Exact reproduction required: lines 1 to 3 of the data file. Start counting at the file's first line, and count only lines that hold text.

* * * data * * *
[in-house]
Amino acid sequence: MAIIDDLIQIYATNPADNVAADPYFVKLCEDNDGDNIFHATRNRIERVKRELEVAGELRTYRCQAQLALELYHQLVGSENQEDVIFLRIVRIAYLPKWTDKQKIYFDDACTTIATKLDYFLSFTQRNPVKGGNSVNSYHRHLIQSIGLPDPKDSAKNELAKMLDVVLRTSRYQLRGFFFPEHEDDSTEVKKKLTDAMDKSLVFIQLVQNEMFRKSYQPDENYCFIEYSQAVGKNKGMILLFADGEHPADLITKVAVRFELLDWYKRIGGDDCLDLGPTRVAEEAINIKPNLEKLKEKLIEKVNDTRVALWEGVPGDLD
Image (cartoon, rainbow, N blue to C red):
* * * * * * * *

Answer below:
[in-house]
Amino acid sequence: MAIIDDLIQIYATNPADNVAADPYFVKLCEDNDGDNIFHATRNRIERVKRELEVAGELRTYRCQAQLALELYHQLVGSENQEDVIFLRIVRIAYLPKWTDKQKIYFDDACTTIATKLDYFLSFTQRNPVKGGNSVNSYHRHLIQSIGLPDPKDSAKNELAKMLDVVLRTSRYQLRGFFFPEHEDDSTEVKKKLTDAMDKSLVFIQLVQNEMFRKSYQPDENYCFIEYSQAVGKNKGMILLFADGEHPADLITKVAVRFELLDWYKRIGGDDCLDLGPTRVAEEAINIKPNLEKLKEKLIEKVNDTRVALWEGVPGDLD
Image (cartoon, rainbow, N blue to C red):